Although, one of the most enigmatic works is the image of a clock belonging to Juli Susin, with a period taste, large, black and white, nearly a reference to the humorous cinema of Harold Lloyd, although in this case the hands are phantasmagorical marks, unreal in their movements - like time is in its appearances and disappearances. The iconography of this clock places its signs in a disbandment of signs, the hands thrust like arrows (the arrows of time), as if time was temporary due to the mechanism of the artefact What has no dimensions is present here, metaphorically speaking, disturbingly like one of the aesthetic axes of the exhibition, in a more lacerating than friendly way.

Summoning5 is next, another work in synchronisation, with a certain flavour of Max Ernst, to his universe of collage “entre-periods”, at the crossroads between the anthropomorphic and the bestiary. It is a small-scale clock-sculpture with tentacles reaching towards the visitor in an unsettling way. The clock-minotaur of Andy Hope 1930 that is identified with the labyrinth formed by the nature of time is inscribed in a book-box. a Duchampian valise that includes) an edition with preparatory drawings of the metamorphosed clock, the same object to scale and outside of the box, a photographic image of a performance where the real scale of the sculpture is seen. The book, like an architectural structure, includes – or, better said, engulfs – images and imaginary.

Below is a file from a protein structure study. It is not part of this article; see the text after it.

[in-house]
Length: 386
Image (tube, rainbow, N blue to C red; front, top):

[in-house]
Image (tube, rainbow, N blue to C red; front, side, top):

The first clock I mentioned became independent of time and its servitude, and its sphere with hand-arrows is piercing the space of the sphere, getting out of its circular continuum offering other movements like escape lines. However, if the first is an image in movement, a video inscribed on an object, the second is a phantasmal object, an animated being from a bestiary, surrounded by its edition-box as a theatre scenario, and remitting to a scene from a B series terror film, with its appearance of perverse toy.